- a gigantic kohlrabi – probably to be diced and frozen for winter stir fry
- yellow summer squash – This was sauteed with the cherry tomatoes and some garlic, basil, salt, pepper and olive oil
- cherry tomatoes – I wonder how much longer we’ll be receiving these…they’re just oh-so-good
- green peppers – Not my favorite, but always necessary for casseroles and crock pot meals.
A busy week at our house!
I think that most exciting thing about our new CSA is that we get other foods in addition to just vegetables. We are true omnivores in our house and the Small Omnivore Basket that we receive each week is just perfect! As this post is ridiculously late, here is a recap of our 2nd week, as well as how we prepared these foods:
- pears – I am not a fan of pears, but Hubs is, so most of these were consumed as breakfast
- roma tomatoes – These were sliced and roasted with some garlic, salt, pepper, and olive oil.
- red leaf lettuce – Salads. Perfect with those beets
- golden beets – Roasted for an hour in the oven; holding court in our fridge and used in salads
- eggplant – One was used in eggplant parmesan. The other is still in the fridge and needs to be used ASAP!
- zucchini – Shredded and frozen; zucchini fritters TBM.
- spaghetti squash – Thankfully squash keeps for a little while! Perfect for a weeknight meal.
- cider – This was gone pretty quickly; a certain Hubs of mine loves cider this time of year
- turkey patties – These were put in the freezer and thawed when we had family over for lunch. It was a perfect lunch before traveling out of town for the night.
I am loving the variety, and like I said before, really loving having a kitchen of my own again :)
I may not be a parent yet, but I am a teacher, so back-to-school in our house is a zero-to-sixty time of year with school days, school nights, and marching season! The concept of the one-pot meal is one that, as a busy teacher and lazy pan washer, I absolutely adore. They’re very user-friendly, especially for the multi-tasker. You fix the meal, cover the pot, and go do something else while dinner cooks…in my case, it’s usually laundry or a cleaning chore of some sort.
I came across a round-up of 15 Best Back-To-School Recipes over at Damn Delicious. If you haven’t come across this blog yet, click to it! It’s full of amazing recipes that are easy to cook and true to the blog title. This pasta bake caught my eye and I knew I had to try it. Including prep time it took about 30 minutes. I adapted it based upon the meat and vegetables that I had on hand.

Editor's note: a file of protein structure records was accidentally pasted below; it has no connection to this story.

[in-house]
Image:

One-Pot Pizza Pasta Bake
- 1 tbsp olive oil
- 8 oz ground turkey
- 1 medium zucchini; peeled, sliced and quartered
- 4 oz sliced mushrooms
- 1/2 cup pepperoni, divided – slice regular-sized pepperoni into quarters, or use the mini ones
- 1 15-oz can tomato sauce
- 1 tsp oregano, divided
- 1 tsp dried basil, divided
- 1/2 tsp garlic powder, divided
- 8 oz dry rotini pasta
- sat & pepper, to taste
- 1 cup shredded mozzarella cheese
- 1 tbsp dried parsley
- Heat the olive oil in a large oven-proof skillet over medium-high heat.
- Add the ground turkey and cook until browned, about 3-5 minutes; break it up as you go so it gets nice and crumbly. Add the zucchini, mushrooms, and half of the oregano, basil and garlic powder. Cook for two minutes until the zucchini starts to get some color. Add half of pepperoni and cook until heated through.
- Preheat the oven to broil.
- To the skillet add the tomato sauce, pasta, and the rest of the oregano, basil and garlic powder. Pour in 1 1/2 cups water and season with salt and pepper; stir to combine. Bring the mixture to a boil; then cover, reduce heat and simmer until pasta is cooked, about 15 minutes.
- Remove the skillet from the heat. Sprinkle the mozzarella cheese, remaining pepperoni, and parsley on top. Place into the heated oven and cook until the cheese has melted and browns a little (about 2 minutes). Serve immediately!
This was a hit in our house and my husband said it was ‘really good’, too – so I call that an absolute win. This may sound kind of weird – but this tasted a lot like Hamburger Helper but without all the weird additives in it. It look about as long to prepare, included vegetables and was, well, real food. This dish was good on it’s own, but can be served with a green salad if you want, too. You can also customize the vegetables you use, especially if you like several toppings on your pizza. You can also adapt this to be meatless but omitting the pepperoni and turkey, and adding more veggies.
It’s a basic dish that’s packed with flavor – and only uses one pot. What’s not to love? Enjoy :)